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17-Foot Python Takes New Record for Annual Florida Snake Hunt

06 December 2017

According to the Everglades National Park Service, snakes from around the world have been turning up in and around Florida's Everglades national park.

The 17-foot, 1-inch python, weighing 132 pounds, is the longest ever brought in for the agency's Python Elimination Program.

The South Florida Water Management District shared video of the colossal python on Monday after it was caught Friday by hunter Jason Leon.

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He said: "That snake could pretty much kill any full-grown man".

Python hunter Jason Leon caught the snake in in southern Miami-Dade County. Leon also holds the overall state record with an 18-foot-8-inch python he caught in 2013.

Leon holds the record for the largest snake captured in Florida.

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The catch on Friday toppled the previous record by Dusty Crum, which measured 16 feet, 11 inches, according to WSVN.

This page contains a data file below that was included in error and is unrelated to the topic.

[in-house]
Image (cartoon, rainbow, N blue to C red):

Burmese pythons, one of the largest snake species on earth, are breeding in the park and spreading throughout south Florida.

The program, which began earlier in the year, saw its 700th python eliminated in November. There was a smaller male python nearby, but he was not captured, Leon said.

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Mike Kirkland, a SFWMD scientist and the project manager for the Python Elimination Program, praised it for being "enormously effective in killing this relentless predator to help preserve native Everglades wildlife".

17-Foot Python Takes New Record for Annual Florida Snake Hunt